Jonathan Chevreau • The National Post • Wednesday, August 16, 2000
The two big threats to wealth creation in Canada are taxation and high investment management fees. That's why knowledgeable investors trying to minimize fees and taxes are so upset over proposed federal legislation that would tax unrealized capital gains from foreign investment entities.
Unless the Department of Finance can be persuaded to come to its senses by Sept. 1, investors who in good faith bought certain baskets of foreign securities for their non-registered or taxable investment portfolios will find themselves not only facing a double tax whammy, but in a classic Catch-22 situation.
If draft legislation to tax non-resident trusts and foreign investment entities goes through, tax collectors would scoop capital gains taxes annually on stock market gains not even realized by the investor. What's proposed is to value new passive investment products like exchange traded funds on a "mark to market" basis. Investors would be driven back into the arms of Canadian fund companies whose global mutual funds charge almost 10 times the fees newer products like ETFs impose.
The double whammy is that the proposed capital gains taxes would apply not at the 67% "inclusion" rate normally prevalent in Canada, but would be taxed fully as income on 100% of the gains.
The Catch-22, says investor advocate Bylo Selhi, is that if you want to avoid the annual tax on appreciated gains and sell products like ETFs, this would incur tax on the capital gains that appreciated during the time you owned them. "Whether you submit to the new tax or bail out, you get hit with a potentially monstrous tax bill."
This affects far more than so-called "offshore" investors: The definition of "foreign investment entities" has been made broad enough to include Canadians who own closed-end mutual funds traded on stock exchanges, the low-cost index funds of U.S.-based Vanguard Group Inc. and possibly even Warren Buffett's famous Berkshire Hathaway Inc.
It gets worse. The rules may apply even to individual foreign or U.S. stocks like Microsoft Corp., says Robert Spindler, chair of the joint committee on taxation for the Canadian Institute of Chartered Accountants. The new rules may apply to stocks if at least half their assets are in investments -- including cash, of which Microsoft has plenty. It could apply to many technology startups and corporations divesting themselves of assets. And most individuals won't be in a position to figure out such complexities, Spindler says.
In Canada, Barclays Global Investors Canada Ltd. has announced a flurry of new ETFs that give do-it-yourselfers the two weapons they've needed: lower MERs and tax effectiveness. While its Canadian equity iUnits are not affected, BGI's foreign equity ETFs sold to Canadian investors would be, as would such popular rival products such as SPDRs and the many new single-sector funds sold on the American Stock Exchange. BGI stands to lose a lot of business and president Gerry Rocchi will be submitting its concerns. Curiously silent has been Montreal-based State Street.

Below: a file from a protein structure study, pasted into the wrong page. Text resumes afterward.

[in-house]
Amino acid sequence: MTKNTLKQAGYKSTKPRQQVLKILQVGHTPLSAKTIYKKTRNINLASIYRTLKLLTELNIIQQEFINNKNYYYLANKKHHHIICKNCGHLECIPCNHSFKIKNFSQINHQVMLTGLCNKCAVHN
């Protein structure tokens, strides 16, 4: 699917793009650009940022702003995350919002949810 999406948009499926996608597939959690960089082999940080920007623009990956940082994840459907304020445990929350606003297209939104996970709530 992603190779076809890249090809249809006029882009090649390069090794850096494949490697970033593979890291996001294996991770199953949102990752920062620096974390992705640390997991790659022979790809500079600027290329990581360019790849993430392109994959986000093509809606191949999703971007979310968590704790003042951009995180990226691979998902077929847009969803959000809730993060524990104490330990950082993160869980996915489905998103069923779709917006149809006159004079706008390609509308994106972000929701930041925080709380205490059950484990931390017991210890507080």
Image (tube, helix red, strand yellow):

In its zeal to crush offshore tax evasion, the Department of Finance appears to be wielding a sledgehammer rather than zapping offshore tax evaders with targeted slaps of a flyswatter.
The investors affected are not engaged in or advocating tax evasion. Like any sane citizen in this overtaxed nation, they seek to minimize taxation by the entirely logical strategy of placing fixed income investments in registered retirement savings plans.
Because the government limits the amount of tax-sheltered retirement savings to about half the level of the U.S. or U.K., investors have been forced to build tax-efficient equity portfolios outside their RRSPs. With ETFs, the plan is to add continually to the holdings without taking profits. They can do this with individual Canadian stocks and, before now, most foreign stocks. For example, those who held Nortel Networks Corp. over the years and never sold did not "realize" the capital gains and therefore suffered no tax liability. Same with people who own U.S. equity mutual funds or international funds sold by Canadian fund companies like Mackenzie or Trimark. Except for annual distributions and some dividend income, buy and holders in taxable plans largely minimized their capital gains taxes in a perfectly legal manner.
Richard Croft, president of Toronto-based Croft Financial Group, says the legislation discriminates against small investors and "cannot be supported by any fairness standard." The government is again penalizing the investor who wants to hold a diversified globally diversified portfolio for the long term, he says, "a portfolio, I might add, that was purchased with after-tax dollars."
Ironically, the Department of Finance has already blessed SPDRs and similar products as being eligible to be held in the foreign content portion of RRSPs and RRIFs.
The campaign to protest the legislation before a Sept. 1 comment deadline is taking place at investor advocate Bylo Selhi's Web site; it's also being discussed at the wealth forum I moderate at The Wealthy Boomer. Or e-mail your concerns to the department at firstname.lastname@example.org.